ZmnSCPxj via Lightning-dev <email@example.com>
> In a retaliation construction, if a party misbehaves, the other party gets
> the entire amount they are working on together, as disincentive for any party
> to cheat.
> That works for the two-party case A and B. If A cheats, B gets money.
> How do you extend that to the three-party case A B C? If A cheats, what
> Suppose the correct current state is A=2, B=99, C=3. Suppose A cheats
> and attempts to publish A=102, B=1, C=1. C detects it because B is
> asleep at that time. Does C get to claim the money that A claimed for
> itself, basically 101+1 and thus 102? But the correct state has
> almost all of the money assigned to B instead. Obviously that is
> unjust. Instead C should get to claim only 3 from A (its 3 in the
> final state) in addition to its 1 in the published state, and should
> give the 99 to B. So now B also needs another retaliatory
> construction for the case "A cheated first and C found out and and
> also cheated me", and a separate construction for "A cheated but C was
> honest". And that is separate construction for the case "C cheated
> first and A found out and also cheated me" and a separate construction
> for "C cheated but A was honest".
> As should be obvious, it does not scale well with number of
> participants on a single offchain "purse"; it quickly becomes complex
The need to identify the misbehaving party and punish just that one
party could be addressed by having pre-committed retaliation
transactions. However this results in a large number of pre-committed
transactions that need to be carried around just for the case that
someone really misbehaves. In addition colluding parties may be able to
punish each other when an cheat attempt seems doomed to fail, which
reduces the cost of the attack. This could also be partially fixed by
pre-committing retaliation transactions that split the misbehaving
party's funds. Overall a very unsatisfactory solution.
> Retaliatory constructions however have the major advantage of not
> imposing limits on the number of updates that are allowed to the
> offchain "purse". Prior to Rusty shachains it was thought to require
> storage linear in the number of updates (which could be pruned once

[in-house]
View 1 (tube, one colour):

> the channel/"purse" is brought onchain), but Rusty shachains also
> require O(1) storage on number of updates. Thus retaliatory
> constructions are used for channels.
> Note that channel factories, to my understanding, can have the Duplex
> construction near the root of the initial onchain anchor transaction,
> but be terminated in Poon-Dryja retaliatory channels, so that a good
> part of the current LN technology has a good chance of working even
> after channel factories are implemented. This strikes me as a good
> balance: restructuring channels is expected to be much rarer compared
> to updating them normally for normal usage, so each construction plays
> its own strengths: the Decker-Wattenhofer construction which imposes a
> limit on the number of updates, but has no limit on number of
> participants, is used for the rarer. massive "channel restructuring"
> operations, while the Poon-Dryja construction which imposes a
> practical limit on number of particiapnts, but has no limit on number
> of updates, is used for "day-to-day" normal operation.
That's not as bad a tradeoff as people usually interpret, the DMC
construction has parameters that allow tweaking the number of
invalidations, and with parameters similar to LN we can have 1.4 billion
updates. Which is years of operation without need to
re-anchor. In addition penaltyless invalidation has a number of
advantages, for example it doesn't have the state asymmetry inherent in
LN and there is no toxic state information that, when leaked, results in
your funds being claimed through a retaliation. This happened to me btw
last month when I accidentally restored a wallet from backup and
attempted to reconnect.
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